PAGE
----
Huanchaco is a beachside town of Mochica origin and a popular vacation spot. It is the most visited beach of Trujillo in Peru. Situated 12 km northwest of the city in a bay, on a terrace at the foot of Campana mountain, Huanchaco is notable for its surf breaks and its caballitos de totora, and its ceviche. Huanchaco is near the ruin of Chan Chan. Huanchaco was approved as a World Surfing Reserve by the organization Save The Waves Coalition in 2012 This historic town is part of the tourist circuit called the "Moche Route" or "Ruta Moche". Today it is still a beautiful beach that, despite its modernity, still retains its old charm.
Huanchaco is visited by tourists all over the world, particularly surfers. Several surf events are held and one of the most important each year in January is the Huanchaco longboard. Other nearby attractions include Chan Chan, Mount Campana, a sacred mountain in the Chimu culture and Pampas de Gramalote, a complex for shamanic experiences.
In the year 2012 Huanchaco was approved as a World Surfing Reserve by the organization Save The Waves Coalition. This designation is the first awarded to a Latin America town and the fifth in the world. Huanchaco is notable not only for consistent, smooth waves, but also for being the birthplace of Caballito de totora boat which is regarded as one of the first known surf crafts.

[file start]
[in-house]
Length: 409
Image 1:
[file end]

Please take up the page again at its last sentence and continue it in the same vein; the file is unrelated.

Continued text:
The Huanchaco Longboard World Championships is a surfing competition that has taken place since 2010 at the El Elio Beach in Huanchaco, and brings together leading surfers of several countries of the world.
Many tourists enjoy sandboarding on dunes near the town of Laredo, outside of the city of Trujillo.
Swamps of Huanchaco:
Swamps of Huanchaco, also known as Wetlands of Huanchaco is an ecological Chimu reserve located in Huanchaco Beach, about 14 km northwest of Trujillo city, Peru. From this ecological reserve the ancient mochica extracted the raw material for the manufacture of the ancient Caballitos de totora used since the time of the Moche for fishing. Currently Huanchaco fishermen still use materials from these swamps to make the traditional boats.